Monday, 1 February 2010

iPad - initial thoughts

So the iPad is announced. Watching the keynote, I felt that Steve Jobs lost his way a little bit when demoing the new device. The structure of the presentation seemed slightly hurried for a change and I think the was scope for more impact by describing the features that distinguish the iPad from the iPhone and iPod Touch (e.g. iBooks, iWork, Photo-frame) first and then adding that by the way those users will be familiar with how it works and it does photos, music etc too. Why do I think this was important? Well because focussing more on the features that overlap with the other devices, and simply stressing the bigger screen caused many in the media to mistakenly write it off as a large iPod Touch and the impact of the launch wasn't so great. Despite this, given the way certain other companies have reacted, the launch of the iPad at the price point they have chosen has touched a nerve in the industry and I think it will be a success. I suspect that if more deals had been able to be concluded with TV and newspaper companies in time for the launch, we might have seen the emphasis and story of the new iPad put from that perspective instead.

But there are a number of reasons why the early critics have got it wrong ... here's why...

First there were criticisms of the lack of a camera, and other aspects of the specification. These folk just don't get it about Apple. They don't put technology in the product to impress by the technical specification. They put technology in a product which is needed to fulfil the uses and purposes for which the device is intended. If a later version of the iPad is intended to provide a really good video chat experience, then it will have a camera and a multi-touch iChat app. This one isn't and so it doesn't.

Secondly, some critics are comparing iPad to the iPod Touch or to a Laptop PC. This is a mistake. The device is not intended to be one of either of these. People who need a Laptop PC will still use one and likewise for those who want a pocket music player and games handheld. Indeed Apple do not want to cannibalise their own existing product sales by introducing the iPad. But there will be people for whom the iPad fulfils needs, whether that be to consume published material like books and e-newspapers, and those who want to surf the web and do email but not have a full blown computer. I can see my parents in the latter category. They have a digital camera and want to be able to share photos they take, and they use the web and email but not much else. They really don't want to have a computer sitting there... the iPad would conveniently support what they do. They and many other non-technical users will be able to do stuff without that fiddly mouse and keyboard which makes a computer look like a computer.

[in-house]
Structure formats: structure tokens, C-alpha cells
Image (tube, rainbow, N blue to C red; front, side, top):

Thirdly, the iPad cleverly takes the role of a multi-purpose device without being so general as a PC and the complexity that a PC presents to a non-tech user. So it wins as an e-book reader over the single purpose readers like Kindle, and offers extra for the price, but doesn't dilute its role so much that the non techie wonders what they can use it for. It is also different in the whole way it abstracts away from the file system complexity which a PC puts in your face. Apps like iWork and the Photo app will manipulate information as projects within the apps, while the iPad takes care of where the associated files live, either on the device, in the cloud or on another wirelessly networked device. The main thing is that the user need not bother about it.

So I believe although not presented in such a way, except to call it revolutionary, the iPad is a true innovation which leads the way for a new category of computing device, and which will appeal to a different set of people than traditional computers. The other thing we should remember is that this is version 1.0 of an innovation ... there is much much more to come. i think iPad sets a direction for computing innovation as much as being a new product innovation.

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